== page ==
Kant's Ideas On Moral Freedom

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During this paper I will discuss Kant’s ideas on moral freedom. I will also discuss the defense of these ideas in the face of three critiques by Andrew Ward. I will then conclude with my remarks and thoughts upon the subject matter. Kant was a firm believer in moral freedom. Kant proposed that we have moral freedom through two different worlds. These worlds are the phenomenal world and the noumenal world. The phenomenal world is the world in which we live; this is the world of appearances. Kant says that the phenomenal world is characterized by being in space and time and is also governed by causality and is ultimately deterministic. The phenomenal world is a world of appearances and not of the things in themselves. If we were only …show more content…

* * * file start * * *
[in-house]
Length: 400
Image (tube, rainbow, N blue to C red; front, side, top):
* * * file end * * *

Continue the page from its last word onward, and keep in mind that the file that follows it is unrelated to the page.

It is almost impossible for someone such as myself to accept the idea of the noumenal world at face value with no evidence. Most of Kant’s argument is entirely contingent upon the existence of the noumenal world. In the third criticism for example, it would appear that all the sensuous decisions are made through the phenomenal world and can be predicted. The sensuous decisions are the decisions I would prescribe to most people. These are the actions in which someone is acting on antecedent factors and experience. In my worldview, humans seem to only ever act on experience. However, with Kant’s idea of the noumenal world and the rational decisions he attempts to save moral freedom. The idea that someone makes a decision not based on experience or prior factors is a hard pill to swallow. The noumenal world is a theoretical construct that Kant introduces to save us from a deterministic worldview in which everything is determined by causality. This is an impossible task. Causality is the reason I act towards a certain goal. Causality is the reason behind every decision a person makes. For Kant to determine that an agent can arise at a decision independent of causality does not seem possible. Furthermore, Kant has presupposed characteristics upon a world he previously remarked could not be understood by humans. The noumenal world therefore is a theoretical construct with no basis in reality. However, to remark that humans are wholly governed by causality is a rather disconcerting

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